For four years, I was a docent at the Albany Pine Bush Discovery Center. This past summer, I made the change to "preserve steward." Now it is my responsibility to walk my trails in the Blueberry Hill section of the Pine Bush once every two weeks. I hope to become intimate with this piece of land just inches away from urban development and the city land fill.

Today I came fresh from re-reading Anne Morrow Lindbergh's Gift from the Sea. The three ideas that Anne gleaned from her time at the beach were the need for simplicity, solitude, and an understanding of the intermittency of nature and relationships.

I had the solitude and simplicity--just me and my hiking boots. At times I could see office buildings beyond the tree line, and the outlines of houses on neighboring streets, but I did not see any other person.

I began my walk along the lane surrounded by typical pine bush scrub oak and pitch pines on my way into the meadow. Besides a low hum of distant traffic sounds, I heard birds in constant conversation. I was pleased to see a pair of bluebirds, lots of sparrow varieties, tree swallows, chickadees, and turkey vultures circling overhead. It was a treat to be out early on this Indian Summer day.

Albany's Pine Bush Preserve encompasses 3100 acres of inland pine barrens. While coastal pine barrens are common, our Pine Bush is one of only 20 inland areas remaining in the world. It gets considerable notoriety as a home of the endangered Karner Blue butterfly, but, in fact, over 50 species "of special concern" live here also. It is an ecosystem worth protecting.

I walk at a relaxed pace soaking up the autumn sun, the bird sounds, and aromas of this morning.

Still, I am a woodland person, and I am glad when my path enters the trees, even though the trail runs under power lines and I can now hear children's voices from nearby neighborhoods.

My task for today is to pick up sticks and small branches on the new trails that are being built on the periphery of this part of the Pine Bush. By having fewer trails criss-crossing the acreage, the ecosystem will be more whole and will foster a more secure place for the animal and plant life that is native to this area. Old trails will be cordoned off.

I start picking up sticks. There are lots of them. I can tell right away that I'm not going to get the trail cleaned up in one morning. Now I begin to think about the time and plan how much of my morning I can spend here.

And then I hit the first bog. Okay, it's been an incredibly wet past few months, but this wet area is huge. I have to go way around it into the trees and off the trail. I don't like to go off-trail at the Pine Bush because there are lots of deer ticks.

Deer ticks carrying lyme disease are everywhere in the Northeast nowadays and I have found them on my clothes here and on other hikes, which is why I wear the fashionable Pine Bush style of tucking my pants into my socks. While it's fun to see deer and fawns, today I just see their tracks.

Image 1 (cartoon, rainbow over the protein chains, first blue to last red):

I finally get around the bog, pick up more sticks, and find a few beer cans and pieces of broken plastic. I regret that I didn't bring a trash bag with me.

Besides the bog, the ticks, and the trash, I'm getting hot and mosquitos are attacking me like crazy. As usual, I forgot the great new bug lotion I bought last summer for camping.... I check my watch. There are other things I need to do today than to be here whacking at mosquitos.

My serene mood has vanished. Sure, I'm still solitary out here with my hiking boots, but any spiritual aspects of the morning are long gone. I just want to get out of the woods. But there are two more bogs. I go around them, pushing twigs and branches out of my way.

Finally, I'm back in the meadow. What was that intermittency idea that Anne Lindbergh talked about? Oh yeah, moments of perfection come and go in nature, in relationships and in mood; it is best to recognize the fluidity of the ebb and flow.

The landscape reminds me of coastal pine barrens that I have walked on Cape Cod. Perhaps the drone of continous sound is not traffic, but the distant rolling of waves on the shore. I'm good at these kinds of imaginings and let my mind recreate this scene in another place.

I'm definitely overdressed, and I could use a little of that ocean breeze. It's supposed to go up to 80 degrees on this October day and the sun is rising. I take the shady side of the meadow and find a few lingering raspberries.

Birds still sing and flit from branch to branch. Even though I forgot the bug dope, I have my binoculars and try to get some good bird sightings. A couple of flickers cross my path, bees taste the last remaining pollen of goldenrod in the sun, and a chipmunk scrambles through dry leaves as it dashes into the wooded edge of the trail. Hey, there's even a seagull. Maybe I really am near the ocean! (I can't see the landfill that attracts them and pretend it's not there.)

While bright colors are rare in a pine barrens environment, this token maple stands out between the oaks. My mood is improving so I keep walking. I don't remember what else it is that I have to do this morning but I'm sure I have a list somewhere.

But what do I smell now? Something that is not dry leaves and meadow. Grilled cheese?? I look around. I'm at least a quarter of a mile from the nearest building and even farther now from the houses. And there are no fast food restaurants in this area. It smells really good. I even wonder if there might be a controlled burn happening in the Pine Bush that I was unaware of. No, this is definitely the gooey aroma of toasty cheese in a fry pan.

I realize that I'm kind of hungry. Morning is on the wane. A grilled cheese sandwich would taste really good, but I know I don't have any Swiss, my favorite, in my refrigerator. Still, a cold glass of fresh apple cider, something I do have, would taste pretty refreshing. I'll put Swiss cheese on my next grocery list.

As I turn into the tree lined path where I began and head to my car, I am reminded of naturalist John Burroughs who admonished his readers a century ago to "make the most of the near at hand." I will be back in a couple of weeks to scout out any changes and to pick up more sticks on "my" trails in the Blueberry Hill section of the Albany Pine Bush Preserve.